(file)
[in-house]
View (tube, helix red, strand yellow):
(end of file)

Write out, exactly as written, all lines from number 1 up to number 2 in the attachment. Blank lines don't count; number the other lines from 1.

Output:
[in-house]
View (tube, helix red, strand yellow):